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Keeping E-Commerce in Perspective

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It’s Black Friday and there is constant bombardment of emails, text messages, and news coverage with enticing offers on deals and discounts. The tradition of large-scale discounting after Thanksgiving in the US on the following Friday, has spawned the creation of Cyber Monday – and spread all over the world. In Australia, the National Retailers Association is forecasting $5.6B in sales over the weekend – which would cover online and traditional channels. The prediction is that 36% of this would be spent on online sales. In the US, the situation is more subdued with supply chain issues, rising prices, and shipping delays.

News coverage on Black Friday, Cyber Monday, and the seemingly fantastic discounts create an impression that e-commerce has taken a strong foothold and that the days of traditional stores and brick-and-mortar are numbered.

Let’s have a look at the numbers.

Although campaigns such as Singles’ Day in China, Click Frenzy in Australia, Black Friday and Cyber Monday create noticeable spikes in sales, the lion’s share of retail sales still occur through traditional channels. In the data compiled by UNCTAD (United Nations Conference on Trade and Development), even in developed markets like Canada and Australia, more than 90% of retail sales occurred through traditional channels – even in 2020 during COVID19.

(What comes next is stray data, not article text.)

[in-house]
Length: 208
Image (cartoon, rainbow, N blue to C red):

As discussed in How Brands Grow (and the revised How Brands Grow: Part 2), it is important for brands to make their products readily available to buyers when they are ready to make a purchase. Strategies such as making the products exclusive to a particular retail chain or exclusive to online (or offline) sales only are counter-productive and inhibit brand growth.

Remember also that some category needs require immediate solution. When you run out of a cooking sauce or ingredients, when you need a new light bulb, or when you need to buy a business shirt urgently because you accidentally spilled coffee before an important presentation — none of us would want to order them online. It’s true that in markets such as China and Indonesia, you can order products online and get them delivered on the same day. However, not every country has the abundance of workforce and driving to the nearest store or supermarket is probably faster than same-day delivery.

So, yes, by all means continue to invest in online channels and take a closer look at the profitability of each physical distribution point, as e-commerce is likely to continue growing over time. However, keep in mind that despite the high Internet penetration, most consumers still choose to buy their products through physical stores. Don’t divest away from the traditional channels, because of the hype of campaigns such as Black Friday.

Remember, your consumers still expect to find your products at the stores.

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